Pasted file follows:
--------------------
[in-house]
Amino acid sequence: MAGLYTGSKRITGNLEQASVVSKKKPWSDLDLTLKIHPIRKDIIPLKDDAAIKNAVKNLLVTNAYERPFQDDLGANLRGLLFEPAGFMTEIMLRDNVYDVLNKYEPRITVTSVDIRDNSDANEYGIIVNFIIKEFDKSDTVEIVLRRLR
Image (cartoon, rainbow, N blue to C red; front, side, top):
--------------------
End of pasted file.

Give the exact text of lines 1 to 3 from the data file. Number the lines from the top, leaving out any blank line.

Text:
[in-house]
Amino acid sequence: MAGLYTGSKRITGNLEQASVVSKKKPWSDLDLTLKIHPIRKDIIPLKDDAAIKNAVKNLLVTNAYERPFQDDLGANLRGLLFEPAGFMTEIMLRDNVYDVLNKYEPRITVTSVDIRDNSDANEYGIIVNFIIKEFDKSDTVEIVLRRLR
Image (cartoon, rainbow, N blue to C red; front, side, top):